Now You See it, Now You Don’t

By Danielle Woods — May 13, 2008 1 min read
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First Jim Piculas had a job, then he didn’t. The Florida substitute teacher claimed the Pasco County School District rubbed him off the substitute list because of complaints that he had practiced “wizardry” in the classroom, The Tampa Tribune reports.

Piculas, who was working toward teacher certification, said he thinks his disappearing toothpick trick—involving a toothpick, transparent tape, and sleight-of-hand—may have been interpreted by one of his middle school students as “wizardry.” The student was so rattled by the trick, according to Piculas, that the student’s father complained.

District officials said complaints from the classroom teacher that substitute Piculas didn’t follow lesson plans and lacked classroom control were the actual causes of his removal. “The toothpick demonstration was minor compared to the other problems,” said Renalia DuBose, assistant superintendent. The principal asked that he not return to the school.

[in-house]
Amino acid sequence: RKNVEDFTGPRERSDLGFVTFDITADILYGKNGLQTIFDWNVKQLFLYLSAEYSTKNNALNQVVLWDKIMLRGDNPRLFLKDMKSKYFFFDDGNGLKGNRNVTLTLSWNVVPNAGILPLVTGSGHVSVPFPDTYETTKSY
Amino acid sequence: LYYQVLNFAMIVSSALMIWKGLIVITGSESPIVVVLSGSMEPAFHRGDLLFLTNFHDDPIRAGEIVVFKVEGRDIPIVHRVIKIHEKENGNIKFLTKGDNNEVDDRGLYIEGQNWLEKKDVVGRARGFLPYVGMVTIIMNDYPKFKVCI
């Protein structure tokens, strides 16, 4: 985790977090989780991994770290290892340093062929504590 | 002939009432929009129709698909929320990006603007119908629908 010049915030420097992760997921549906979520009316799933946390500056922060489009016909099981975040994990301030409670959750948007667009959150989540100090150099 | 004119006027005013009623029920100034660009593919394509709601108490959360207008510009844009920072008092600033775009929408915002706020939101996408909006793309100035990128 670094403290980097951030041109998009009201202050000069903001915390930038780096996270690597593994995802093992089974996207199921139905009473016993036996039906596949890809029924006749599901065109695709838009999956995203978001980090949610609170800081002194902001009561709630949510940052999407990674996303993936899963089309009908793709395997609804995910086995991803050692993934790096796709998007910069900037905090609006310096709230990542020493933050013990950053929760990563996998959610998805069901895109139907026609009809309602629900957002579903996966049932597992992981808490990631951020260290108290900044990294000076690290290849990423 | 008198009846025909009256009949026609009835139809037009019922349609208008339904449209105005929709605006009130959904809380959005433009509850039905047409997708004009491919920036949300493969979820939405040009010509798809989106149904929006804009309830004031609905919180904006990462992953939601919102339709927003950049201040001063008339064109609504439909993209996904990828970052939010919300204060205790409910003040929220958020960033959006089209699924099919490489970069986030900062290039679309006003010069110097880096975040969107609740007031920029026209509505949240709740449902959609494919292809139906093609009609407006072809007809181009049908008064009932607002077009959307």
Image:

Although Piculas says accusations of “wizardry” were his classroom ouster, the word never appears in the district letter he received, according to the Tribune. Piculas said the additional complaints were “window dressing” to mask the real reason for his removal. “I think she [district official] was trying to downplay it because it [classroom magic] sounded so goofy,” he said.

A version of this news article first appeared in the Web Watch blog.